A Winter Hike, A Sleepless Night

February 24, 2009

When my teenage son, Cody and his buddy announced their intention to climb Mounts Adams and Madison, the northern Presidentials over the February school vacation, hiking in the deep snow and camping overnight at a shelter. I knew it’d be a sleepless night – for me. 

We read headlines each winter: “Overdue hikers reported as missing in New Hampshire’s White Mountains…”   Whenever I think of the Presidential Range in midwinter, I hear viola strains of “Jaws” theme music. Winter mountaineering in The Whites is popular and can be dangerous. The process of letting him go was bittersweet. I watch the news. I’m aware of statistics. I avidly read each new account of mountain search and rescues operations in winter.

I issued dire warnings, stern admonishments and fired questions at him – “what about this and what about that?” All were met with competent and well-reasoned responses. He has the right clothing, winter camping gear, knowledge and instincts. He’d planned a good route with contingency plans. He packed and repacked. I queried him about each piece of essential equipment: “crampons, stove, maps, headlamp, fuel, hydration, tent, sleeping bag, cell phone” All set. “Then take a camera” I added.

At 18 years old, my son lacks experience. But he’s anxious to obtain it. Far be it for me to dampen that intrepid spirit. I chattered my teeth winter camping and climbing the peaks of the Whites Mountains with the Plymouth State Outing Club, twenty-five years ago. The old-school army surplus woolen clothing, aluminum cook kit, heavy steel stove, external frame pack, crude sleeping bag and other ancient climbing gear in my closet are primitive by modern equipment standards. The 1980’s might as well be the Cretaceous Period to my kids. I snapped my fibula in a bad fall while wearing snowshoes just below treeline on Mt. Madison a decade ago. It was a long day hobbling out. My son has heard the story – dozens of times. I now prefer hiking in the warm months, black flies and all. My winter mountaineering days are done. Been there, done that.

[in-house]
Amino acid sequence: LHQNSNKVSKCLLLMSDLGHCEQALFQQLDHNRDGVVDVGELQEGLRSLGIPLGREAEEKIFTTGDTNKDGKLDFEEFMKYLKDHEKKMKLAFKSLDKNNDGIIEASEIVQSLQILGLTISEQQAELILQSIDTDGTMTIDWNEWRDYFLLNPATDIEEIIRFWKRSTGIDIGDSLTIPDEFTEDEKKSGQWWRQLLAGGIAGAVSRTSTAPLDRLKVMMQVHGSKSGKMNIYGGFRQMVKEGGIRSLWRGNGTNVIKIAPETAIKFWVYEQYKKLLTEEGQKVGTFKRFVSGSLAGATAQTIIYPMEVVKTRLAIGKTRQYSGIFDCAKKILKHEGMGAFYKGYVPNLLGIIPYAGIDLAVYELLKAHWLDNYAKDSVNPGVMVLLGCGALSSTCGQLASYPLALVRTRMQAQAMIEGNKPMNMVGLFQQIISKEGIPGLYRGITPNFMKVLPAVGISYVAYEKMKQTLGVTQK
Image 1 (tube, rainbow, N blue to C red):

A colleague describes waiting recently for her husband to return from an ambitious winter ski traverse of Mount Moosilaukee: “When he’s overdue I worry.  I remind myself that he’s always made it back, often late but usually unhurt… I remind myself that he’s well prepared so he can be there overnight if he needs to be. I know neither of us wants anyone else to get hurt trying to find him so I wouldn’t ask anyone to search at night.  So I wait, but I get all the phone numbers ready so that if he’s not back by morning I can start making calls.  So far he’s always made it home that night.”

The “Hike Safe” hiker responsibility code states that you are responsible for yourself, so be prepared with knowledge and gear. Become self-reliant by learning about the terrain, conditions, local weather and your equipment before you start. Leave your itinerary, tell someone where you are going, the trails you are hiking, when you'll return and your emergency plans. Stay together as a group, hike as a group, end as a group. Pace your hike to the slowest person. Turn back in bad weather. Weather changes quickly in the mountains. Fatigue and unexpected conditions also affect your hike. Know your limitations and when to postpone your objective. The mountains will be there another day. Be prepared for emergencies. Even if headed out for just an hour, an injury, severe weather or a wrong turn can become life threatening. Don't assume you will be rescued; know how to rescue yourself. Lastly, share the hiker code with others.

Winter in New Hampshire’s spectacular White Mountains is exhilarating and, at times, dangerous. Winter camping and hiking above tree line is challenge even for seasoned mountaineers. Having the right equipment, knowledge and experience, monitoring weather conditions and following the basic tenets of the hiker’s responsibility code are essential to a successful winter adventure… and to peace of mind for those waiting back at home. Have fun and stay safe.

Naturalist Dave Anderson is director of education for the Society for the Protection of New Hampshire Forests. His column appears every other week in the New Hampshire Sunday News. He may be reached at danderson@forestsociety.org or through the Forest Society's Web site: forestsociety.org.